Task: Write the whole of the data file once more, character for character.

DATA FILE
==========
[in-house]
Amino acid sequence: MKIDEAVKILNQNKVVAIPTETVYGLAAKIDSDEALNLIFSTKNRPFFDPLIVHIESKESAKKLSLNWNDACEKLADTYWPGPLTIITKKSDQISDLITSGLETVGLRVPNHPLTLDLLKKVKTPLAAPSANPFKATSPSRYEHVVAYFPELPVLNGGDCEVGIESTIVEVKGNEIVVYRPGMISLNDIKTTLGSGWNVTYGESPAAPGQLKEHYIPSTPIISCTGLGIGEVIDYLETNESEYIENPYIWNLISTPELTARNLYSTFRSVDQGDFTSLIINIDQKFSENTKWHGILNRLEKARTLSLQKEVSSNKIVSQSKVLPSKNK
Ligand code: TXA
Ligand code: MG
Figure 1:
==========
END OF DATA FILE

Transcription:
[in-house]
Amino acid sequence: MKIDEAVKILNQNKVVAIPTETVYGLAAKIDSDEALNLIFSTKNRPFFDPLIVHIESKESAKKLSLNWNDACEKLADTYWPGPLTIITKKSDQISDLITSGLETVGLRVPNHPLTLDLLKKVKTPLAAPSANPFKATSPSRYEHVVAYFPELPVLNGGDCEVGIESTIVEVKGNEIVVYRPGMISLNDIKTTLGSGWNVTYGESPAAPGQLKEHYIPSTPIISCTGLGIGEVIDYLETNESEYIENPYIWNLISTPELTARNLYSTFRSVDQGDFTSLIINIDQKFSENTKWHGILNRLEKARTLSLQKEVSSNKIVSQSKVLPSKNK
Ligand code: TXA
Ligand code: MG
Figure 1: